Cities are planning major wireless infrastructure projects to provide city-wide wireless access. Taipei wants to build the world's largest "hotspot" providing outdoor Internet access throughout the city. [Via Slashdot] The article quotes a Taipei city official who talks about the Wi-Fi project as not only beneficial to businesses but also to improve residents' quality of life [Italics mine]. Blog Post
Nov 19, 2004   By Abhijeet Chavan
I keep saying, urban life is not for the faint of heart. New article in the Journal of the American Medical Association (here's the abstract; fulltext is subscriber-only) says that elevated ozone events correlate to increased deaths. They looked at 95 cities; here's the salient bit from the abstract: A 10-ppb increase in the previous week�s ozone was associated with a 0.52% increase in daily mortality (95% posterior interval [PI], 0.27%-0.77%) and a 0.64% increase in cardiovascular and respiratory mortality (95% PI, 0.31%-0.98%). Blog Post
Nov 16, 2004   By
The Sierra Club is using photomontage images online to demonstrate what "smart growth" can look like and feel like Several photos show the difference between existing sprawl and potential smart growth solutions. Photomontage is a visualization technique that is becoming increasingly popular as a tool to demonstrate what the future might look like under different design or build-out scenarios. Blog Post
Nov 9, 2004   By Ken Snyder
A color-coded map of how different states voted in the 2004 U.S. presidential election was probably the most common graphic used to convey the election results in a single picture by the news media. The following graphic by CNN uses color to highlight the states that "switched" parties. CNN: 2004 Election Results by State The New York Times had a more informative map that took into account population density. Blog Post
Nov 5, 2004   By Abhijeet Chavan
In which metropolitan areas did businesses move to adopt the Internet most quickly? A July, 2003 research paper from Carnegie Mellon University, co-authored by Chris Forman, Avi Goldfarb and Shane Greenstein, explores the extent of commercial adoption of the Internet in the nation's 50 largest metropolitan areas. The paper -- "How did Location Affect Adoption of the Commercial Internet?-Global Village, Urban Density and Industry Composition" --explores the connection between industry composition and city size in explaining business use of the Internet. Blog Post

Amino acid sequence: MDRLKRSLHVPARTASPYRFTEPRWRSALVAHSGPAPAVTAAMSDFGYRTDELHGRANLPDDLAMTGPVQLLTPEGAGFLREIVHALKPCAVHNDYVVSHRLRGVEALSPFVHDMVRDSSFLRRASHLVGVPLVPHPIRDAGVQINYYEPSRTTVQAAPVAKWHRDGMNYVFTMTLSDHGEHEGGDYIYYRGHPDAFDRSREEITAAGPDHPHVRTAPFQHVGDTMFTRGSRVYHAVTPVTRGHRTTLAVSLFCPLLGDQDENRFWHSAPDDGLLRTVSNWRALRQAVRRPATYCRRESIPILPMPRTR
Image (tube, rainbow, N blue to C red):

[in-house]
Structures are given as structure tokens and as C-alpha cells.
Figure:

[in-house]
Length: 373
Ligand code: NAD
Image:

Nov 5, 2004   By Chris Steins
I've been talking about Democratic margins in cities, but check out this exit poll analysis from CJR Campaign Desk: [T]he category in which Bush showed the most significant gains over the year 2000 was urban voters (who made up 30 percent of all voters), among whom Bush polled 9 percentage points better than in 2000. Blog Post
Nov 4, 2004   By
Here's the county-by-county map for this year, thanks to USA Today. Blue is mostly cities; red is suburban and rural, as I've pointed out before. What's interesting is, as I understand it, Kerry victories in the blue towns were by a much narrower margin than Bush victories in the red regions. Blog Post
Nov 4, 2004   By
Liveblogging this on election night: I told you so. CNN now explaining that the islands of blue in Ohio, in a sea of red, are the counties containing Cleveland and Dayton. Islands of blue in Florida are Miami. I'm just sayin'...if Kerry wins tonight (or tomorrow and tomorrow and tomorrow) it'll be the urban areas that do it. Blog Post
Nov 2, 2004   By
I've been hearing a lot about WiMax, and thi article,Mobile 'hot spots' push limits from the St. Paul Pioneer Press explains how a Twin Cities tech entrepreneur has retrofitted an old TV-station truck to serve as a roving hot spot for Internet access. His technology firm has blanketed the metropolitan area with WiMax transmitters atop local skyscrapers. "DeVaan's modified van performs a similar trick. Its mast communicates with any of the wireless-Internet transceivers has put atop Twin Cities skyscrapers, including Wells Fargo Place in downtown St. Blog Post
Nov 1, 2004   By Chris Steins
An article in the St. Paul Pioneer Press features some interesting approaches to enhancing a city's WiFi infrastructure. (Via Slashdot) "WazTempe, a Tempe, Ariz.-based wireless-Internet pro-vider that is turning the city into one big Wi-Fi hot spot, has come up with a clever way to plug gaps in its network: golf carts equipped as Wi-Fi repeaters. The Waz Mobile Units transmit in a roughly one-mile radius and can integrate with the rest of the city's wireless "mesh" infrastructure." Blog Post
Nov 1, 2004   By Abhijeet Chavan